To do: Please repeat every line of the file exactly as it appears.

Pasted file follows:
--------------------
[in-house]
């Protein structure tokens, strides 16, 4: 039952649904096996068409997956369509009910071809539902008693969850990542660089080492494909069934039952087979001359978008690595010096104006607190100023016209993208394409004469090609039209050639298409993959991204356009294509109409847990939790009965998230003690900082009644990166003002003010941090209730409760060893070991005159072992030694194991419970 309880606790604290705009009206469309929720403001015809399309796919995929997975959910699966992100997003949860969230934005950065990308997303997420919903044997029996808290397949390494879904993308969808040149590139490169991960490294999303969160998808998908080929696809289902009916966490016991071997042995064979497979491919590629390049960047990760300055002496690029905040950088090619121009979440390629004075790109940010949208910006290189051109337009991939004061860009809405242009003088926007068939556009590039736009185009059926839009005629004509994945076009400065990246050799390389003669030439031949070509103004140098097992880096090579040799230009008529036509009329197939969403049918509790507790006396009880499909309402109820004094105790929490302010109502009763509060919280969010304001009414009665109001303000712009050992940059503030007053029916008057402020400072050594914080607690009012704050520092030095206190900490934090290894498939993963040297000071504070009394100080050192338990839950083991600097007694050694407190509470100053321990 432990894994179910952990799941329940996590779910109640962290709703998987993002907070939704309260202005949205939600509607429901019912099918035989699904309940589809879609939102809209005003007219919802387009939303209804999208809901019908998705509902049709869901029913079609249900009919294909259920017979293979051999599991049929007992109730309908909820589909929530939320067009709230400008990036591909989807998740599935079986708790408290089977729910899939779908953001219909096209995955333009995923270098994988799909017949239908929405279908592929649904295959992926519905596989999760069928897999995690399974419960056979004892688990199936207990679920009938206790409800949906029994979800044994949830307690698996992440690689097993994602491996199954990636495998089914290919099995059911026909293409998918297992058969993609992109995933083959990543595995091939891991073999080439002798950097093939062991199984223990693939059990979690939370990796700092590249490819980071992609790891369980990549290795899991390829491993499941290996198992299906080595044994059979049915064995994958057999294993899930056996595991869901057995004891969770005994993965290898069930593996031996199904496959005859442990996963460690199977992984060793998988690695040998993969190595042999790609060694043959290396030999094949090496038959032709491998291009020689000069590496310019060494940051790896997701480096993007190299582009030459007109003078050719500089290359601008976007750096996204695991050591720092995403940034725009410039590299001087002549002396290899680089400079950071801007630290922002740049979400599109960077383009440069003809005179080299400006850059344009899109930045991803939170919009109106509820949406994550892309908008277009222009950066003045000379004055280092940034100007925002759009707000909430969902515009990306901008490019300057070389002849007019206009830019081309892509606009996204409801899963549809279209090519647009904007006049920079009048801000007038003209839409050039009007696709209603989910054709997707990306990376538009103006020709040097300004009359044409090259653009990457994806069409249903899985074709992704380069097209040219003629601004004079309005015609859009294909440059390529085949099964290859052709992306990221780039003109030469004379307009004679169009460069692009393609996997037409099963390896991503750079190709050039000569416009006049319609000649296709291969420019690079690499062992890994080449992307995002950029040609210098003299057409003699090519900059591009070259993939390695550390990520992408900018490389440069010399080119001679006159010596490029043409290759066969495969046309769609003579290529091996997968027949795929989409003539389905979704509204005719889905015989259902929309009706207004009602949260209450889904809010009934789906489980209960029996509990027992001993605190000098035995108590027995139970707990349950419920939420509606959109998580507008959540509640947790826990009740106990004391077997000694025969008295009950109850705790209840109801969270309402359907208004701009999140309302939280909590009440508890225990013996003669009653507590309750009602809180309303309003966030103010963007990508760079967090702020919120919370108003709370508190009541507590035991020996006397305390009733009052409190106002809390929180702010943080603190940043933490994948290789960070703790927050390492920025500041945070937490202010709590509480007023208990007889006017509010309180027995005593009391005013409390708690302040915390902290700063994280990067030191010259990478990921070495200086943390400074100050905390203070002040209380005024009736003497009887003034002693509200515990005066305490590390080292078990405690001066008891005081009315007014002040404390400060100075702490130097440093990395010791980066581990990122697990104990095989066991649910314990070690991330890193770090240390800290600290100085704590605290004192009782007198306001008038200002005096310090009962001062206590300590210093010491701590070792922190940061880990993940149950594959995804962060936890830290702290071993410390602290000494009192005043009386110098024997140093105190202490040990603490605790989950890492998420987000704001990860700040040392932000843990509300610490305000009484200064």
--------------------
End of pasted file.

[in-house]
């Protein structure tokens, strides 16, 4: 039952649904096996068409997956369509009910071809539902008693969850990542660089080492494909069934039952087979001359978008690595010096104006607190100023016209993208394409004469090609039209050639298409993959991204356009294509109409847990939790009965998230003690900082009644990166003002003010941090209730409760060893070991005159072992030694194991419970 309880606790604290705009009206469309929720403001015809399309796919995929997975959910699966992100997003949860969230934005950065990308997303997420919903044997029996808290397949390494879904993308969808040149590139490169991960490294999303969160998808998908080929696809289902009916966490016991071997042995064979497979491919590629390049960047990760300055002496690029905040950088090619121009979440390629004075790109940010949208910006290189051109337009991939004061860009809405242009003088926007068939556009590039736009185009059926839009005629004509994945076009400065990246050799390389003669030439031949070509103004140098097992880096090579040799230009008529036509009329197939969403049918509790507790006396009880499909309402109820004094105790929490302010109502009763509060919280969010304001009414009665109001303000712009050992940059503030007053029916008057402020400072050594914080607690009012704050520092030095206190900490934090290894498939993963040297000071504070009394100080050192338990839950083991600097007694050694407190509470100053321990 432990894994179910952990799941329940996590779910109640962290709703998987993002907070939704309260202005949205939600509607429901019912099918035989699904309940589809879609939102809209005003007219919802387009939303209804999208809901019908998705509902049709869901029913079609249900009919294909259920017979293979051999599991049929007992109730309908909820589909929530939320067009709230400008990036591909989807998740599935079986708790408290089977729910899939779908953001219909096209995955333009995923270098994988799909017949239908929405279908592929649904295959992926519905596989999760069928897999995690399974419960056979004892688990199936207990679920009938206790409800949906029994979800044994949830307690698996992440690689097993994602491996199954990636495998089914290919099995059911026909293409998918297992058969993609992109995933083959990543595995091939891991073999080439002798950097093939062991199984223990693939059990979690939370990796700092590249490819980071992609790891369980990549290795899991390829491993499941290996198992299906080595044994059979049915064995994958057999294993899930056996595991869901057995004891969770005994993965290898069930593996031996199904496959005859442990996963460690199977992984060793998988690695040998993969190595042999790609060694043959290396030999094949090496038959032709491998291009020689000069590496310019060494940051790896997701480096993007190299582009030459007109003078050719500089290359601008976007750096996204695991050591720092995403940034725009410039590299001087002549002396290899680089400079950071801007630290922002740049979400599109960077383009440069003809005179080299400006850059344009899109930045991803939170919009109106509820949406994550892309908008277009222009950066003045000379004055280092940034100007925002759009707000909430969902515009990306901008490019300057070389002849007019206009830019081309892509606009996204409801899963549809279209090519647009904007006049920079009048801000007038003209839409050039009007696709209603989910054709997707990306990376538009103006020709040097300004009359044409090259653009990457994806069409249903899985074709992704380069097209040219003629601004004079309005015609859009294909440059390529085949099964290859052709992306990221780039003109030469004379307009004679169009460069692009393609996997037409099963390896991503750079190709050039000569416009006049319609000649296709291969420019690079690499062992890994080449992307995002950029040609210098003299057409003699090519900059591009070259993939390695550390990520992408900018490389440069010399080119001679006159010596490029043409290759066969495969046309769609003579290529091996997968027949795929989409003539389905979704509204005719889905015989259902929309009706207004009602949260209450889904809010009934789906489980209960029996509990027992001993605190000098035995108590027995139970707990349950419920939420509606959109998580507008959540509640947790826990009740106990004391077997000694025969008295009950109850705790209840109801969270309402359907208004701009999140309302939280909590009440508890225990013996003669009653507590309750009602809180309303309003966030103010963007990508760079967090702020919120919370108003709370508190009541507590035991020996006397305390009733009052409190106002809390929180702010943080603190940043933490994948290789960070703790927050390492920025500041945070937490202010709590509480007023208990007889006017509010309180027995005593009391005013409390708690302040915390902290700063994280990067030191010259990478990921070495200086943390400074100050905390203070002040209380005024009736003497009887003034002693509200515990005066305490590390080292078990405690001066008891005081009315007014002040404390400060100075702490130097440093990395010791980066581990990122697990104990095989066991649910314990070690991330890193770090240390800290600290100085704590605290004192009782007198306001008038200002005096310090009962001062206590300590210093010491701590070792922190940061880990993940149950594959995804962060936890830290702290071993410390602290000494009192005043009386110098024997140093105190202490040990603490605790989950890492998420987000704001990860700040040392932000843990509300610490305000009484200064």